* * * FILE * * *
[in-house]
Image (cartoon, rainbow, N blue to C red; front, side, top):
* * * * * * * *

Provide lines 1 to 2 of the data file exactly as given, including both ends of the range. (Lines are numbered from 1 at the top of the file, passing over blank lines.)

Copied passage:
[in-house]
Image (cartoon, rainbow, N blue to C red; front, side, top):